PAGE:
Dr. Phil Zeltzman’s Blog
A (double) Christmas miracle…
Once upon a time, there was a dog named Madeline.
The 7-year-old shepherd mix had had trouble urinating for about 2 months. She strained to urinate, with frequent attempts, and accidents in the house.
Long story short (you can read the entire story here: https://www.drphilzeltzman.com/blog/tag/leiomyosarcoma/), she eventually got an ultrasound which showed a mass at the junction of the bladder and the urethra (the tube between the bladder and the outside world).
Depending on its position, the mass would randomly block the urethra, making it physically impossible for Madeline to urinate. Not only is this incredibly uncomfortable, it can lead to various complications, including severe kidney damage.
Madeline’s owners went to several family vets and specialists to find a solution. They were told that the mass could not be removed or it would cause urinary incontinence.
The only treatment suggested was radiation therapy – for a mere $11,000 – and which might also lead to incontinence.
Madeline’s owners “felt hopeless. We couldn’t focus at work. Every day, we would wake up not knowing if this was the day that our dog would not be able to urinate and we would have to put her down. I felt like the vets gave our dog a death sentence with no answers and no option for her to have any help whatsoever. This did not seem right to us. It did not seem ethical. We asked them desperately what they recommended and they told us if there is one thing that they could recommend, “it is not to get surgery.” (…) She has no more than two weeks to live. We needed to monitor her closely to see when things got worse because then we would know when to put her down.”
Madeline’s owners found me through my website, and they reached out for help.
After reviewing her medical record and ultrasound report, I suggested a 2-step surgery:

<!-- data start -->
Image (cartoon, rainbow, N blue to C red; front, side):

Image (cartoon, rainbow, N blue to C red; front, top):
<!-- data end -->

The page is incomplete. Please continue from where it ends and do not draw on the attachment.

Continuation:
Part 1. Remove as much of the tumor as possible.
Part 2. Place a “cystostomy” tube to drain the bladder through an opening in the skin.
About 1 week after surgery, the biopsy report came back. The mass was a rare cancerous tumor of the muscle of the bladder called leio-myo-sarcoma.
Madeline recovered well and immediately started urinating on her own.
Eight months after surgery, the tube became clogged and we collectively decided to remove it, rather than to replace it. It was a bit of a gamble, but Madeline was doing so well that we decided that the cons outweighed the pros. It was a judgement call, but so far it paid off: 4 months later, she continues to urinate on her own and is full of energy.
Madeline’s owner writes: “It’s truly a miraculous story and we still can’t get over it. We were so lucky to find you! Madeline is doing amazing! She has so much energy and acts like a puppy again. It was one of the best decisions of my life to get that surgery for Madeline.”
But wait! There’s more!
A few days ago, a desperate pet owner read Madeline’s story in my blog, and reached out to me. The subject line of the email was “I beg you for help.”
She wrote: “My dog Ninja, a 6 year old Siberian Husky, just had a ultrasound, and a CAT scan, then surgery to drain a cyst in his enlarged prostate (17 cm long – about 7 inches).”
“Because of the volume, it was pressing on the colon and the bladder. Ninja couldn’t defecate or urinate!”
“It was then discovered that the bladder has been so overstretched, that it couldn’t contract and enable Ninja to urinate. A urinary catheter was placed temporarily… and euthanasia was recommended!”
“I don’t want to put him down. He is eating, drinking and (now) pooping. He acting normal but can’t pee. Please help me, I am very desperate.”
We quickly scheduled surgery. Ninja had the same procedure as Madeline: a “cystostomy” tube to drain the bladder through an opening in the skin.
Of course, it’s a bit early to tell how Ninja will do long-term. So far, he is recovering well from surgery and is able to void through the tube. His loving owners are taking excellent care of him and got an unexpected, early Christmas present.
But wait! There’s more!
When I told Madeline’s owner that her blog may have saved another dog’s life, she shared:
“We are getting married on the date Madeline was saved a year ago: January 15!
And wait for it…
“Madeline will be the ring bearer in our wedding.”
So what’s the moral of the story?
You are your pet’s best advocate. If something makes no sense to you, don’t give up. Clearly, there isn’t a solution or a cure for every condition. But at least, explore your options.
This is exactly what Madeline’s and Ninja’s owners did. They didn’t take no for an answer, and saved their dogs’ lives.
Phil Zeltzman, DVM, DACVS, CVJ, Fear Free Certified
Dr. Phil Zeltzman is a traveling veterinary surgeon in Pennsylvania & New Jersey. An award-winning author, he loves to share his adventures in practice along with information about vet medicine and surgery that can really help your pets. Dr. Zeltzman specializes in orthopedic, neurologic, cancer, and soft tissue surgeries for dogs, cats, and small exotics. By working with local family vets, he offers the best surgical care, safest anesthesia, and utmost pain management to all his patients. Sign up to get an email when he updates his blog, and follow him on Facebook, too!